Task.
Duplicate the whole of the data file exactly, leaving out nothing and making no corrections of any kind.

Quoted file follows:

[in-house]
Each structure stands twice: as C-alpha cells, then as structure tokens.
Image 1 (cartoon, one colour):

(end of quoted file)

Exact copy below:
[in-house]
Each structure stands twice: as C-alpha cells, then as structure tokens.
Image 1 (cartoon, one colour):